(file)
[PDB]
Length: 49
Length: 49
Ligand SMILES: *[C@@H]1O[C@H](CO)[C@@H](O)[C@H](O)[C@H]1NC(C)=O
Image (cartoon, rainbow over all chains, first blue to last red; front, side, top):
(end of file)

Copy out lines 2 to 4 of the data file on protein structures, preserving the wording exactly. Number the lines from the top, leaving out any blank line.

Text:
Length: 49
Length: 49
Ligand SMILES: *[C@@H]1O[C@H](CO)[C@@H](O)[C@H](O)[C@H]1NC(C)=O